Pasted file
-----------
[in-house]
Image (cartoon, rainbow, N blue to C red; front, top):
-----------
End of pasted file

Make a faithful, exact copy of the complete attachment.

[in-house]
Image (cartoon, rainbow, N blue to C red; front, top):